00:06:58:00 - 00:07:18:16
Speaker 2
And we were like, Oh my gosh, someone found us. And so obviously that's happened again and again now. And I think that that stranger danger is something that people bring up a lot when they're brand new to groove and when they're hearing about it. However, a lot of the people that join Groove and really love it have had some sort of an online experience where they are meeting strangers.

00:07:18:16 - 00:07:37:17
Speaker 2
So that's one thing that tends to be a commonality, whether it's they are someone who have done online workshops, so they've taken some sort of an online class where they were paired up with people in a Zoom room and they know what that experience is like, or they've done some sort of other focus app. Like I've mentioned before, or some sort of co-working.

00:07:37:17 - 00:08:01:21
Speaker 2
Even if it was a friend that started a Zoom Room or a mastermind and they were in a room co-working together for a certain amount of hours. So a lot of people have those experiences with within that. I think that one of the best parts about Groove is that people have really cool, transparent, wacky bios. So if you go on groove and you click on someone's bio before you happen to agree with them, you get to understand a little bit about who that human is.

00:08:01:23 - 00:08:23:19
Speaker 2
I like to say they're very anti LinkedIn. It's not like, Hi, I'm Taylor and I run this company. It's like people saying, Hey, I have a green thumb in a garden I can't stop paying attention to or I love to roller skate in my free time, or I've got three kiddos running around and my dog's name is Pudding and like, you just learn these funny things about people through these bios.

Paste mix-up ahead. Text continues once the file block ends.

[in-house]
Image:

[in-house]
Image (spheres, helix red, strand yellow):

00:08:23:19 - 00:08:37:00
Speaker 2
So that starts to eliminate that, that scared nature of it. When you've started to create a culture of this is how we show up here and people showing up with that vulnerability and that transparency about who they are as full humans, not just what they do for work.

00:08:37:02 - 00:08:58:07
Speaker 1
Great. And we will have links to Groove and all of that stuff and you can check it out for yourself if you're so inclined. We will have those on. Oh dear. On the website. Long distance work like Dot. We will be doing that. So we will have that for you. What are some of the acts you mentioned a couple of things.

00:08:58:07 - 00:09:13:03
Speaker 1
You mentioned sprints and what are some of the activities that if I knew to coworking, what are a couple of the things maybe that you can do to kind of get started and get a get comfortable with that?

00:09:13:06 - 00:09:38:02
Speaker 2
Yes. So I think that one of the basic things is just the accountability in public. So even as simple as starting to say, okay, maybe you follow some really cool people on social media. So whether it's your Instagram stories or your Twitter account or threads or whatever you're on these days, if you want to start sharing publicly, hey, these are some things on my to do with that I'm getting done today and then celebrating any wins from the week publicly.

00:09:38:04 - 00:10:01:12
Speaker 2
I think that starts to help you feel that that shared social connection of putting it out there, Hey, this is what I want to get done today. People responding, reacting to it. And then at the end of the day or the end of the week, closing that loop with these are some of the things that I did this week or celebrating it so that I would say it's like a very easy way to ease into it without having to get on a camera, but starting to feel the benefits of it.

00:10:01:14 - 00:10:30:11
Speaker 2
If you do want to start doing it with someone else, I would say that the easiest way is to just do it with a friend. I even recommend two groupers that are brand new to group. Hey, if you are not interested in meeting someone new for the first time, use that little invite link and just hop into a private group with a friend so that you can experience it together because it is quite easy to get the hang of so I think that there are other platforms like that where if you are interested in this or if you want to do it with a coworker, for example, and you're like, Hey, this thing sounds interesting.